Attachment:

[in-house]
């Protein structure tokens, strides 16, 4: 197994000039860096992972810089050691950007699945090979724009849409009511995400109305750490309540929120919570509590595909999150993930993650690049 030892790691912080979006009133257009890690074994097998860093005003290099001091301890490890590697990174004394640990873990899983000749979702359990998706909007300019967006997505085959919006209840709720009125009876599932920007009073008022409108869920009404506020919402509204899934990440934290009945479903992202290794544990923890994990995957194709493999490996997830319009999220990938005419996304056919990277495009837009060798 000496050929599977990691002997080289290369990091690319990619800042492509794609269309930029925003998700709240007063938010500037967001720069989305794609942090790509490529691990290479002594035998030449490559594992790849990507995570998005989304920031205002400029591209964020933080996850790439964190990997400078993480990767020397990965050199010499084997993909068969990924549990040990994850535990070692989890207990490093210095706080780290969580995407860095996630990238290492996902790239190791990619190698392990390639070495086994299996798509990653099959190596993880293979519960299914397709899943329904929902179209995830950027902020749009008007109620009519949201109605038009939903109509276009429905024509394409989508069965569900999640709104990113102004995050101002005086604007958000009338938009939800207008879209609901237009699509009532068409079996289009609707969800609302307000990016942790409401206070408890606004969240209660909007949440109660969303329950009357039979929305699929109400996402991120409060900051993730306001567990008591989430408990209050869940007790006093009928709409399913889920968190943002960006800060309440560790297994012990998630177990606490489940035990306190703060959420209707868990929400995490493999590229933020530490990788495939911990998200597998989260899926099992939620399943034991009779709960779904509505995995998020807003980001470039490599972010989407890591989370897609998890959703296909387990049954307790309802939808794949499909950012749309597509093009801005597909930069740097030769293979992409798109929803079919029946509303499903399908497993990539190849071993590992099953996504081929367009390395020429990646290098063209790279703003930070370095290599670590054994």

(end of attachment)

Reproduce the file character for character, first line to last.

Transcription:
[in-house]
């Protein structure tokens, strides 16, 4: 197994000039860096992972810089050691950007699945090979724009849409009511995400109305750490309540929120919570509590595909999150993930993650690049 030892790691912080979006009133257009890690074994097998860093005003290099001091301890490890590697990174004394640990873990899983000749979702359990998706909007300019967006997505085959919006209840709720009125009876599932920007009073008022409108869920009404506020919402509204899934990440934290009945479903992202290794544990923890994990995957194709493999490996997830319009999220990938005419996304056919990277495009837009060798 000496050929599977990691002997080289290369990091690319990619800042492509794609269309930029925003998700709240007063938010500037967001720069989305794609942090790509490529691990290479002594035998030449490559594992790849990507995570998005989304920031205002400029591209964020933080996850790439964190990997400078993480990767020397990965050199010499084997993909068969990924549990040990994850535990070692989890207990490093210095706080780290969580995407860095996630990238290492996902790239190791990619190698392990390639070495086994299996798509990653099959190596993880293979519960299914397709899943329904929902179209995830950027902020749009008007109620009519949201109605038009939903109509276009429905024509394409989508069965569900999640709104990113102004995050101002005086604007958000009338938009939800207008879209609901237009699509009532068409079996289009609707969800609302307000990016942790409401206070408890606004969240209660909007949440109660969303329950009357039979929305699929109400996402991120409060900051993730306001567990008591989430408990209050869940007790006093009928709409399913889920968190943002960006800060309440560790297994012990998630177990606490489940035990306190703060959420209707868990929400995490493999590229933020530490990788495939911990998200597998989260899926099992939620399943034991009779709960779904509505995995998020807003980001470039490599972010989407890591989370897609998890959703296909387990049954307790309802939808794949499909950012749309597509093009801005597909930069740097030769293979992409798109929803079919029946509303499903399908497993990539190849071993590992099953996504081929367009390395020429990646290098063209790279703003930070370095290599670590054994």